Does Your Enterprise have a Mobility Strategy? – Part 6/6

We have reached the final part in this series. This series discusses the challenges and misconceptions in adopting a mobility strategy that holds back enterprises from embarking on the right one.

#16 Procrastination due to ongoing backend initiatives
Enterprises always have a need to keep their backend infrastructure, systems and apps up to date. The trigger for updates could be many such as a new product initiative, migrating to latest hardware, software upgrades and so on. Such IT activities are a common story in many enterprises, but some enterprises tie these IT initiatives to their enterprise mobility strategy. The unfortunate result is postponement of enterprise mobility strategy till the IT initiative is completed and running successful.

A proper enterprise mobility strategy must not depend on any specific IT initiative as the opportunity for mobile apps is across the enterprise. Any delay in enterprise mobility strategy puts your enterprise at a risk of late adoption, a more serious state to be in considering the competitive edge mobility can offer.

#17 Traumatized by a failed mobile initiative
At times a failed mobile initiative in your enterprise could become a barrier for adopting a mobility strategy. The reasons of the failure can be many like inappropriate timing of rollout, wrong type of app (website or native), poor choice of functionality, no value add to user etc.

A right mobility strategy would enable you to rebound faster from such a failure situation. Say, if you had a mobility platform in place as part of your enterprise mobility strategy, the impact by the failure of one app will be far lesser and you can always move on with further apps on the platform. This may not be the case if you mobile initiative is a point solution based app.

#18 Budget constraints holding me back
Enterprise mobility as any other IT investment has its own capital expenses and operational costs. The major entry barrier is the expense involved in procuring devices which is mandatory as mobility strategy in an enterprise cannot be based purely on BYOD. The cost of smartphones is drastically falling down and probably a phased purchase of devices could help your enterprise to get onboard with little overhead.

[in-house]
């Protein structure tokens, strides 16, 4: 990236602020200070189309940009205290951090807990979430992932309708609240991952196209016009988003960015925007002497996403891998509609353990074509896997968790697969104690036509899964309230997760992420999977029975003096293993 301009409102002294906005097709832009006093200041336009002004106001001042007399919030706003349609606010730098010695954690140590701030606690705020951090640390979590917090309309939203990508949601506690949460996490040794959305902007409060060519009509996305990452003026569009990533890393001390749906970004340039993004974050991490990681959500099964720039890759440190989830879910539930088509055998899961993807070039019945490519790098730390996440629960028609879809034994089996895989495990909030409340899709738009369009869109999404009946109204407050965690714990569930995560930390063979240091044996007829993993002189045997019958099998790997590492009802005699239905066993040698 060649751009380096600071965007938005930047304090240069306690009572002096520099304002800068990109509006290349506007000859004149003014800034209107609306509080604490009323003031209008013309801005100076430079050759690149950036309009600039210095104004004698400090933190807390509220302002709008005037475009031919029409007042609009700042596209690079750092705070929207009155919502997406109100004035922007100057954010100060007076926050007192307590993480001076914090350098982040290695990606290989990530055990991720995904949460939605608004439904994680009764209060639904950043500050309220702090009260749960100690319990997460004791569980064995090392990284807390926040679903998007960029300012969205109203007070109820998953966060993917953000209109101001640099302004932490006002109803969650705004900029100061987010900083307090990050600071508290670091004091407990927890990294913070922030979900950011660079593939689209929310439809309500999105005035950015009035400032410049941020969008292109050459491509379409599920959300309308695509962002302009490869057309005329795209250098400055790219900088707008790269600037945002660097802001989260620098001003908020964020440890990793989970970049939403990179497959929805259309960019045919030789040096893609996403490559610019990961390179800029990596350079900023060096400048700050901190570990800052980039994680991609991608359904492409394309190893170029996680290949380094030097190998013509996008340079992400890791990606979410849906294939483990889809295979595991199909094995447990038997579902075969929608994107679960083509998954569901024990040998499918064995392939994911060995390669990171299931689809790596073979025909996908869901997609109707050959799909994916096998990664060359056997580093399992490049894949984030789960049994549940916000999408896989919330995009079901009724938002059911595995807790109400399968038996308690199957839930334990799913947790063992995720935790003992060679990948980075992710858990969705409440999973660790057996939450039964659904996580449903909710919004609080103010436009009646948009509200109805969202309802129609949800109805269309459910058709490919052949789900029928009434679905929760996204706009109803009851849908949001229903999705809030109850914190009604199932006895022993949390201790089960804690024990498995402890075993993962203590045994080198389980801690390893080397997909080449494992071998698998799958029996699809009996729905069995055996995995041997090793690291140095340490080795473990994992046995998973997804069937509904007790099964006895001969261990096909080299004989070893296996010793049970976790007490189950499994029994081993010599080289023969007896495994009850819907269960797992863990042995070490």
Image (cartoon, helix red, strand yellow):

The other costs involved are of the mobility software and operational expenses. A yearly budget of minimum $20K seems a typical requirement to run an active enterprise mobility strategy sans procurement of devices. In most enterprises, this spending can be a little part of the other expenses incurred like software licensing cost, marketing expenses etc. And mobility is sure to provide returns to the enterprise manifold, if a proper investment is made.

If your enterprise is held back in mobility strategy by budget constraints, it is the responsibility of the enterprise IT to project the return on investment the mobility strategy can offer to the management. Considering mobility is the top trend starting from 2014, a substantial investment on mobility strategy would help enterprises to be more competitive.

That summarizes the possible misconceptions enterprises have about enterprise mobility strategy. Hope the post succeeded in clarifying these misconceptions and providing you a view as to what mobility strategy suits to your enterprise. Do leave your comments below, I am more than happy to discuss and learn.

0 replies

Leave a Reply

Want to join the discussion?
Feel free to contribute!

Leave a Reply

Your email address will not be published. Required fields are marked *